OSHA Fines Unicco More Than $150,000 After Fatal Accident
The U.S. Occupational Safety and Health Administration (OSHA) has cited Newton, Mass.-based Unicco Service Co. for alleged willful and repeat violations of safety standards following a June 8 accident that killed one worker and severely injured another during the cleaning of a four-story building’s windows in Burlington, Mass. Unicco faces a total of $152,500 in proposed fines.
Unicco does not agree with the recommendations and feels there are some inaccuracies in the report. They specifically disagree with the assertion that the company is indifferent to safety. Unicco has contested the proposed fines and met with OSHA regarding the incident. The meeting was productive and more are planned in the coming weeks, according to Unicco spokesman Doug Bailey.
OSHA’s investigation found that equipment was used improperly and employees were not properly trained for handling such equipment. In addition, this incident occurred just two years after two Unicco window cleaners were killed in a fall at a worksite in Boston.
Incidents such as these remind building service contractors that cleaning workers are among the most likely to be injured on the job, according to a 2003 study by the U.S. Department of Labor. Safety always needs to be a top priority.
OSHA stresses that prior to starting work, a competent person conduct an inspection of equipment, ensuring that it is assembled and set up properly. Employees should be effectively trained in a hands-on manner, and training be repeated if necessary.
“Know and adhere to applicable standards, whether they are industry or OSHA standards,” says OSHA spokesman Ted Fitzgerald.
If contractors have further questions or need clarification, they can visit the OSHA web site, contact their local OSHA office, a compliance assistant specialist, a safety and health inspector or their insurance carrier.
Green Continues To Expand
Building service contractors looking to go green will have plenty of avenues to turn to for assistance. The environmentally-conscious movement has progressed at a rapid pace over the past couple of years. Here is a sampling of recent green achievements:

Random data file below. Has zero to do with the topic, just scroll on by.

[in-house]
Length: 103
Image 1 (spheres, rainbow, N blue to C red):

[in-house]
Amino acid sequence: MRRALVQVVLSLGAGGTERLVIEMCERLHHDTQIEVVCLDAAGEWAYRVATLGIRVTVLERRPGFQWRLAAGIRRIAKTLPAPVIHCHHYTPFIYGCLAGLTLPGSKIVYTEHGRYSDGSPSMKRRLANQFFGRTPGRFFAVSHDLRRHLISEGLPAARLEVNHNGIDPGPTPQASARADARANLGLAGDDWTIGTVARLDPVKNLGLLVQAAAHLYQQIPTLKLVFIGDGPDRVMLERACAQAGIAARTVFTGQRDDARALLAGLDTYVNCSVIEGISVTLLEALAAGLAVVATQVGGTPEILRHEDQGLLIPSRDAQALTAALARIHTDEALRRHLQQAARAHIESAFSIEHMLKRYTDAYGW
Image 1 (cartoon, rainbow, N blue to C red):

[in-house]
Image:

- In December, a new green certification for commercial and residential cleaning products, currently called Greenstar, began development. Proposed to be a non-profit organization, Greenstar will first focus on certifying chemicals, then possibly address paper products and other disposables. The program may become a competitor with the well-known, Washington, D.C.-based Green Seal.
- Technical Concepts, Mundelein, Ill., has become a member of the Washington D.C.-based U.S. Green Building Council.
- Racine Industries, Racine, Wis.; Kaivac, Hamilton, Ohio; Wausau Paper/Bay West, Mosinee, Wis.; and Ecolab, St. Paul, Minn., have announced their sponsorship of Green Seal Inc.’s Cleaning Service Standard.
- Chicago-based PortionPac Chemical Corp. has been honored as the first company chosen for the Sustainable Leadership Project by the Chicago Manufacturing Center and as a “Sustainable Pioneer” by Natural Capitalism Solutions.
- For products, SCA Tissue, Neenah, Wis., is the first American sanitary paper manufacturer to have their products earn the Environmental Choice Program certification. Racine Industries‘ HOST Dry Extraction Carpet Cleaning System is the first carpet-cleaning product to be certified as “Biobased” by the United States Department of Agriculture.
JohnsonDiversey Inc., Sturtevant, Wis., announced the appointment of Edward F. Lonergan as president and CEO. Lonergan joins the company after nearly four years as president of the European region for the Gillette Co. Lonergan previously spent 21 years with The Procter & Gamble Co. His appointment is effective February 13, 2006.
Vacuum manufacturer ProTeam, Boise, Idaho, announced that it has renewed its agreement with the American Lung Association to help Americans understand indoor air quality issues and to create healthier indoor environments.
The three-year agreement will focus on joint activities geared at helping the commercial cleaning industry better understand the importance of healthy indoor air.
Sam Robin, Pacific Floor Care consultant and former owner, passed away after a brief illness on December 3, 2005. Robin started his career as a sanitary supply distributor before acquiring Pacific Floor Machine in 1952. Robin sold Pacific Floor Machine Manufacturing Co. to Larry Hines in 1985 and continued to work as a consultant and representative. He represented the company for almost 54 years.
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